Ricky, though, seems remarkably indifferent to the income he once enjoyed — $615, 822 in career earnings altogether.

“Money comes and goes,” Ricky begins with a resigned wave of the hand, chewing a small bloom of tobacco and spitting into a muddied Styrofoam cup in his hand. “It’s the competition that I loved, bowling against guys like Weber, Duke, Walter Ray.”

Ricky looks away for a second, his face partly shadowed by the bill of a drab and torn baseball cap, then continues.

“I had that bulldog mentality,” he says, recalling the nickname, “Bulldog,” that Johnny Petraglia fashioned for the gutsy six-time champ. “I never gave up. I always tried to be a handful for anybody, whether it was a 40-time titlist or some guy who’d never bowled a PBA event before. I always put everybody in the category of ‘dangerous people.’”

“That’s — that’s all history now,” he says, twisting off the top of his can of chew again.

It may be history, but it’s a history that clearly lingers with Ricky, a history that remains very present in Lichstein’s shop.

“If I got a few Long Island Iced Teas in me, there’d be some ‘bleeps’ in there,” he says, gesturing toward the notepad in my lap.

And though Ricky repeatedly expresses a sincere gratitude for his time with the tour, thankful for the lifestyle it allowed him for 12 years, the chance to strike friendships with stars he idolized on TV, and the high level of competition he enjoyed over that time, it’s the indignity he associates with his final days on tour that gnaws at his pride.

“That’s just not the way I wanted to go out,” he tells me. “Personally, I just thought the PBA was too quick to spring this exempt tour thing on us, knowing there would be collateral damage — and that’s me,” Ricky tells me from a corner of the shop where stacks of undrilled balls in boxes assemble a towering wall.

“Forget me, this ain’t about me,” he continues, “but when you knock 60 titles off the tour and replace them with eight guys who don’t have ten titles between them?”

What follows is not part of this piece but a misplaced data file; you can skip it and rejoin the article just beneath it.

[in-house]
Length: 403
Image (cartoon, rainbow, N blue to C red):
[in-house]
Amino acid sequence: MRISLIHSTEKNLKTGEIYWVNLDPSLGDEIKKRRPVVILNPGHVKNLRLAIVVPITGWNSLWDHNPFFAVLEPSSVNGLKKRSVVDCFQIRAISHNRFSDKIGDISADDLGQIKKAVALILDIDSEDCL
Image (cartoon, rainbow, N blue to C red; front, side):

It’s the first of many questions that seethe in Ricky’s mind. Why were the tour trials on wood lanes that year, he asks, when the vast majority of tour stops were played on synthetic lanes? Why did the points system not apply to the Tournament of Champions? Why were so many legends — Randy Pedersen, Steve Hoskins, Bob Learn Jr., Bryan Goebel — suddenly given just 20 weeks to win or go home after committing so much of themselves to the PBA?

“I am not pointing fingers at any bowler,” he explains. “God bless the guys that are out there right now — I mean that. I remember how hard the grind was. But I don’t think half the righties on tour right now are as good as Steve Hoskins, a ten-time title winner,” Ricky asserts.

“It is what it is,” he concludes, dismissing the possibility of pursuing a second shot on tour. “I’d have to start from scratch again,” he laments. “I have no contracts, no incentives, and the money’s just not there.”

And anyway, the wife is on the phone now, Larry’s ready to call it a day, and there’s a shop to close. Ricky gets up, takes a cluster of keys in his hands, and closes the door of the shop behind him as he walks me out.

“I get to be home with Mama and the baby now,” he tells me before leaving, a stark contrast to so many years on tour that required him to be away from his family. “I’m happy.”